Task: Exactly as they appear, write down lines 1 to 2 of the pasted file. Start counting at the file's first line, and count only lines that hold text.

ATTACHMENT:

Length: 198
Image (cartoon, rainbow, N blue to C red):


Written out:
Length: 198
Image (cartoon, rainbow, N blue to C red):